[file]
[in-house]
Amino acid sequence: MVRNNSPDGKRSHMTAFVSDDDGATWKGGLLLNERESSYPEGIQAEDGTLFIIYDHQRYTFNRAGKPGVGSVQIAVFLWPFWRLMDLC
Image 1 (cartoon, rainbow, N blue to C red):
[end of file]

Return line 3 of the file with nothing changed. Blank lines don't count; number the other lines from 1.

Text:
Image 1 (cartoon, rainbow, N blue to C red):